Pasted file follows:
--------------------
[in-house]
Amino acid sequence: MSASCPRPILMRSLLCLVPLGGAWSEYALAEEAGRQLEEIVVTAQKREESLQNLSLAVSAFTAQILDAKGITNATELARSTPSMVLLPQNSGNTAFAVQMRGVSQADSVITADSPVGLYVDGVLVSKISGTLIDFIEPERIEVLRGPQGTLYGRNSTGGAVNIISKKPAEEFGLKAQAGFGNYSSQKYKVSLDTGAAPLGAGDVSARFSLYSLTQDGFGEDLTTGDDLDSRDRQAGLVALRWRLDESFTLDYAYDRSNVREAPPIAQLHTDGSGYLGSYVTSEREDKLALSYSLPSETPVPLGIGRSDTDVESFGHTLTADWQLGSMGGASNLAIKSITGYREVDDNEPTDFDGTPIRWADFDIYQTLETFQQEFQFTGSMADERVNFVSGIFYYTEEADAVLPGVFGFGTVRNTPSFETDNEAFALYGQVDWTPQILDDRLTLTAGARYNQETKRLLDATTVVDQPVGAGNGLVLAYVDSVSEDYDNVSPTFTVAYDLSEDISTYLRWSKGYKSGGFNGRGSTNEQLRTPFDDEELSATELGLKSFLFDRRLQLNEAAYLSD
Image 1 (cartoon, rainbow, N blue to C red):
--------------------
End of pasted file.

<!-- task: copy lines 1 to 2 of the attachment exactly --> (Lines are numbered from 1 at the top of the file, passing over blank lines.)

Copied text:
[in-house]
Amino acid sequence: MSASCPRPILMRSLLCLVPLGGAWSEYALAEEAGRQLEEIVVTAQKREESLQNLSLAVSAFTAQILDAKGITNATELARSTPSMVLLPQNSGNTAFAVQMRGVSQADSVITADSPVGLYVDGVLVSKISGTLIDFIEPERIEVLRGPQGTLYGRNSTGGAVNIISKKPAEEFGLKAQAGFGNYSSQKYKVSLDTGAAPLGAGDVSARFSLYSLTQDGFGEDLTTGDDLDSRDRQAGLVALRWRLDESFTLDYAYDRSNVREAPPIAQLHTDGSGYLGSYVTSEREDKLALSYSLPSETPVPLGIGRSDTDVESFGHTLTADWQLGSMGGASNLAIKSITGYREVDDNEPTDFDGTPIRWADFDIYQTLETFQQEFQFTGSMADERVNFVSGIFYYTEEADAVLPGVFGFGTVRNTPSFETDNEAFALYGQVDWTPQILDDRLTLTAGARYNQETKRLLDATTVVDQPVGAGNGLVLAYVDSVSEDYDNVSPTFTVAYDLSEDISTYLRWSKGYKSGGFNGRGSTNEQLRTPFDDEELSATELGLKSFLFDRRLQLNEAAYLSD